A new Washington Post-ABC News poll finds 69% of all Americans say super PACs, a fundraising vehicle that allows wealthy donors to make unlimited donations in support of a particular candidate or party, should be banned. Just 25% said they should remain legal.
A National Journal analysis of January’s campaign-disclosure filings reveals that 25% of all the money raised by Super PACs came from just five donors.
“I’m against very wealthy people attempting to or influencing
elections. But as long as it’s doable I’m going to do it.
Because I know that guys like Soros have been doing it for years, if not
— Casino magnate Sheldon Adelson, in an interview with Forbes, suggesting he might spend up to $100 million on the presidential election.
Politico: “Here’s how it works: under new federal rules, a traditional PAC and super PAC may operate under one roof. These hybrid operations can raise and spend unlimited amounts of cash to promote or oppose candidates, as any super PAC can, while simultaneously giving limited amounts of money directly to campaigns and committees, like a traditional political action committee. Already, 11 of these hybrids have emerged, representing a range of political ideologies and purposes.”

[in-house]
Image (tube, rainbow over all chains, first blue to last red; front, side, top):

It’s been two years since the Supreme Court’s Citizens United decision which unleashed millions of dollars of ads financed not by candidates but by groups with innocuous names claiming no relationship to the candidates.
Norm Ornstein: “By giving corporations free rein to meddle in politics without any accountability required, just like in the robber baron days, and by defining money as speech, the court dealt a body blow to American democracy. Candidates no longer can focus simply on raising money for their campaigns against other candidates. Because corporations have almost unlimited sums they can put in with no notice, candidates have to raise protection money in advance just in case such a campaign is waged against them.”
“And in many cases, as I have written before, they will pay for protection by quietly giving companies or other interests what they want legislatively to avoid a multimillion-dollar slime campaign against them. Supreme Court Justice Anthony Kennedy, who wrote the majority opinion in Citizens United, said there could be no corruption in independent spending. What planet does he live on?”
A federal judge has set the trial of John
Edwards to begin January 30, a week earlier than the date prosecutors and
defense lawyers had sought, the AP reports.
Stephen Colbert tries to make the complex world of campaign finance and Super PACs a little more understandable and definitely more entertaining.
Campaign finance expert Rick Hasen says Colbert has “done more to educate the general public about the troublesome nature of super PACs than anyone else in the media or academia.”